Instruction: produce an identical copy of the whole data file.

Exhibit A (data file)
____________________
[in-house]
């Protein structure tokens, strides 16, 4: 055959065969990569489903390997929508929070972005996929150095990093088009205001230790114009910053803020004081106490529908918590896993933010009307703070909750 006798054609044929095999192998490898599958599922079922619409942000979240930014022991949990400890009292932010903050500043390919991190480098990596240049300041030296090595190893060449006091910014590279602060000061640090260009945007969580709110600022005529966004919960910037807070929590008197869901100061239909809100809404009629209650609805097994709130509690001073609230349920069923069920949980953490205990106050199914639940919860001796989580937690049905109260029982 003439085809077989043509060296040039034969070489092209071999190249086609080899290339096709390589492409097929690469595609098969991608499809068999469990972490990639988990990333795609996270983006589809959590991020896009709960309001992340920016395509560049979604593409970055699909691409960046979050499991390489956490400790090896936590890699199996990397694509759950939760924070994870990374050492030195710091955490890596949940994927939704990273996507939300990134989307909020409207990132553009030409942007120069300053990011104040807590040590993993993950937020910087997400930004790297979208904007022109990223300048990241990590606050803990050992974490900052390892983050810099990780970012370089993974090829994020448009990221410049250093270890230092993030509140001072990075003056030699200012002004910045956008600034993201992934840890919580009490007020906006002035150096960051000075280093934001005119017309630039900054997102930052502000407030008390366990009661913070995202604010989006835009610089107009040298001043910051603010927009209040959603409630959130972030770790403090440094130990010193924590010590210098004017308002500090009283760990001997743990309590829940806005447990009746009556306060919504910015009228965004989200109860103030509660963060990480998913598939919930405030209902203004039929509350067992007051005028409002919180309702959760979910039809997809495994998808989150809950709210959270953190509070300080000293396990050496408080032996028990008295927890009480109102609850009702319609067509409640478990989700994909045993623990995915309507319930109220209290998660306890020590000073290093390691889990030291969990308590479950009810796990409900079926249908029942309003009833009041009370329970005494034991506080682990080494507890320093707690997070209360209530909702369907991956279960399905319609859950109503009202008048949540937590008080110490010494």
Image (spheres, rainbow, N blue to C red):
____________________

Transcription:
[in-house]
């Protein structure tokens, strides 16, 4: 055959065969990569489903390997929508929070972005996929150095990093088009205001230790114009910053803020004081106490529908918590896993933010009307703070909750 006798054609044929095999192998490898599958599922079922619409942000979240930014022991949990400890009292932010903050500043390919991190480098990596240049300041030296090595190893060449006091910014590279602060000061640090260009945007969580709110600022005529966004919960910037807070929590008197869901100061239909809100809404009629209650609805097994709130509690001073609230349920069923069920949980953490205990106050199914639940919860001796989580937690049905109260029982 003439085809077989043509060296040039034969070489092209071999190249086609080899290339096709390589492409097929690469595609098969991608499809068999469990972490990639988990990333795609996270983006589809959590991020896009709960309001992340920016395509560049979604593409970055699909691409960046979050499991390489956490400790090896936590890699199996990397694509759950939760924070994870990374050492030195710091955490890596949940994927939704990273996507939300990134989307909020409207990132553009030409942007120069300053990011104040807590040590993993993950937020910087997400930004790297979208904007022109990223300048990241990590606050803990050992974490900052390892983050810099990780970012370089993974090829994020448009990221410049250093270890230092993030509140001072990075003056030699200012002004910045956008600034993201992934840890919580009490007020906006002035150096960051000075280093934001005119017309630039900054997102930052502000407030008390366990009661913070995202604010989006835009610089107009040298001043910051603010927009209040959603409630959130972030770790403090440094130990010193924590010590210098004017308002500090009283760990001997743990309590829940806005447990009746009556306060919504910015009228965004989200109860103030509660963060990480998913598939919930405030209902203004039929509350067992007051005028409002919180309702959760979910039809997809495994998808989150809950709210959270953190509070300080000293396990050496408080032996028990008295927890009480109102609850009702319609067509409640478990989700994909045993623990995915309507319930109220209290998660306890020590000073290093390691889990030291969990308590479950009810796990409900079926249908029942309003009833009041009370329970005494034991506080682990080494507890320093707690997070209360209530909702369907991956279960399905319609859950109503009202008048949540937590008080110490010494």
Image (spheres, rainbow, N blue to C red):